Entrance to Chaumukhanath Temple, Nachna
Chaumukhanath Shiva Linga
Future Care Taker of This Temple
Tatpurusha Form of Lord Shiva
Aghora Form of Lord Shiva
Sadyojata Form Of Lord Shiva
Vamadeva Form of Lord Shiva
Unique Depiction of Kurumavatar and Vamanavatar of Lord Vishnu
Mithunas and Vidhyadharas
Carving of Animals on Porch Window

The Parvati Temple is datable to the late Gupta period around 5th century AD. The temple has a square grabhagriha and probably housed a small square chamber above it. The sanctum is  devoid of any idol. The entrance of the sanctum carries ornate floral designs and is flanked by river goddesses Ganga and Yamuna at its lower portion. The inner band of the doorway shows carvings of tendrils emerging from the navel of dwarfs on either sides and the outer band carries images of mithunas (amorous couples). The lintel bears the carving of Vinadhara Shiva in the center with Parvati along with various attendants and vidhyadharas (semi-gods) on their either sides.The outer walls of the temple have perforated Jalis with the depiction of Lord Ganesha, musicians and dancers.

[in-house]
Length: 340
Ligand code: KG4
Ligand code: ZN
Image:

Parvati Temple, Nachna
Parvati Temple, Nachna
Door Frame of Parvati Temple
River Goddess Ganga on her Vahana
River Goddess Ganga on her Vahana Along With Shaiva Dwarapalaka
River Goddess Yamuna on her Vahana
River Goddess Yamuna on her Vahana Along With Shaiva Dwarapalaka
Beautiful and Small Craving of Lord Ganesha on the Window Jali

Vinadhari Shiva With Parvati on the Lintel
There are many ruins of pillars and other portions of the temple lying besides the temple in the open. On one such pillar are seen images of  Lord Varaha, Lord Narasimha,  Lord Trivikrama and a defaced image probably of Lord Parashurama. Also seen around  is an old shivalinga placed now under the shade of a tree and a widow panel.
A Part of Dashavatara Pillar

How to reach Nachna: From Khajuraho - Panna - Devendra Nagar take right towards Saleha - Take Right turn here and a Left turn to reach Nachna, about 100 Km from Khajuraho.


References:
1. Architecture of the Indian Subcontinent -  By Takeo Kamiya
2. Hindu Deities - By Margaret Stutley
3. Wikipedia

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2. Cave Paintings of Bhimbetka
3. Mandu, Symbol of immortal Love